Great Wall,  Beijing, China Week 16 12th - 13th August 2011
The Great Wall of China is not far from Beijing - less than 100 km.

This is our first glimpse of it through the smog.

And a bit more of a teaser.
After we'd driven to the Wall we had lunch.

We'd bought the most expensive baguette we've ever purchased (about A$3) at a "Frengh Bakery" and thoroughly enjoyed it.

Nearly forgot to take a photograph.

There's a walll growing out of the top of the Tardis.

Its part of the Moshiku Great Wall - we haven't figured out how all the bits are named yet.

We walked up the "grand canyon" past a few flowers plus peach and pear orchards.
Haven't a clue what the flowers are but they looked very attractive.
And this was growing among the peaches and pears.

There was a very nice notice in the orchards forbidding picking fruit until after the harvest.

Sounded reasonable to us.

Our path led us eventually to the Wall.

Its been another of life's ambitions to visit the wall.

One of those things fuelled by the picture books given for birthdays and christmases.

I've seen lots of pictures, but nevertheless was totally unprepared.

This is a short length of "wild wall".

The steps are still usable here though the walls have fallen off.

We wuz here. Again.

There's some clue in the background where the wall follows the ridge. Steep on either side.

We are beginning to wonder if the ridges were sufficient to keep the Mongol nomads out without the need for a wall.

This steep bit, near the top each step is about 600 mm vertical and 200 mm horizontally.

A bit hard on the leg muscles.

This bit was relatively easy.

Beyond that last bit it dropped rather precipitously to the valley floor.

That section had collapsed and there was a convenient (if almost as steep) path around it.

The wall was originally just rammed earth.

In Ming times it was rebuilt with stone and brick.

The base is stone with rammed earth and rocks in the middle and stone steps.

On top of that was a wall either side made of kiln fired bricks.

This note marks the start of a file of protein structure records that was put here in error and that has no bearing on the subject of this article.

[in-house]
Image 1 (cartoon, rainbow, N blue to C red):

The bricks were held together with mortar made of lime and sticky rice. We've also seen reference to eggs.

There was also drainage, the water flowed from this spout (gargoyle!).

There are watch towers and signal towers.

This is a watch tower. Its as steep on the other side.

A restored watch tower.

There are some interesting descriptions of the wall.

Some bits are described as preserved, some as restored.

This bit is restored.

Apart from it being generally "square" the bricks on either side appear darker. A different era.

The wall has modern uses.

Here it supports some power poles.

It was also a steep bit.

Just beyond the watch tower we met the first of several blue signs.

Basically "Section of Wall Closed".

We'd been told we could walk for at least 10 km. However, we turned back for this one as the path through scratchy undergrowth was not very well defined. 

We are becoming a bit whimpy in our latter years.

We returned to Tardis and drove in search of what seems to be referred to as "wild wall".

No restoration.

We found some in the Jiankou section.

Before you ask .. yes ... we were silly enough to climb down this near vertical bit.

It just sort of disappeared over the edge.
One of those times when "three points of contact" felt essential rather than an intellectual exercise..
The watch towers don't have much space inside.

Mostly bits to hold it all up.

A bit cold in winter!

But we've got ahead of ourselves.

We drove to "a fish farm" and asked directions.